Bechev added that as Bosnia does not offer good investment opportunities, Russians will not look further afield in the country specifically as costs are higher than gains and there is a significant corruption factored in. So investing into refineries in the RS is a lot more appealing as is politicly motivated.

But other Russian investments are also energy-related in the Western Balkans, and especially in Serbia where Russia acquired Petroleum Industry of Serbia at a very low cost and have “surprisingly managed to make a profit from this very limited source in the country while also inheriting the infrastructure like petrol stations making them deeply involved with local municipalities” said Biserko. She also added that China is penetrating the market economically faster than the Russians and this is creating a threat to the EU as China is bypassing any tenders which are one part of main criteria of the EU membership.

But in the RS, Russia’s presence has been even more significant than in Serbia, and gas diplomacy is seen by President of the RS, Milorad Dodik, as his winning ticket in the upcoming 2018 general elections and he will use everything he can get from Russia. But Russians are not doing this because they like him, but because the RS is the only opportunity they have and they are investing strategically, in this case with gas as they have no other entry anywhere else in Bosnia. Russia has already tried the same game in Montenegro where they helped stage a Russia-backed coup to prevent NATO membership.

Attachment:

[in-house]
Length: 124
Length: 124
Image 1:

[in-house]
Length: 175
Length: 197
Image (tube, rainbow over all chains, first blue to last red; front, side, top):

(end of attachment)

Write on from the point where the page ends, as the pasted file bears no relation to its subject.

“This move appears to be part of a pattern by Russia to destabilise Bosnia and the current Balkan situation in order to undercut NATO and US interests and to promote Russian influence, as we have already seen in Montenegro, Macedonia, and Serbia. Making Republika Srpska energy-dependent on Moscow will make it more likely to follow Russian interests, and also encourage it to try to break away from the rest of Bosnia and create a crisis in which Russia can play a role in,” said Dr Norman Cigar, Senior Fellow at the Potomac Institute, a think tank in Washington, D.C.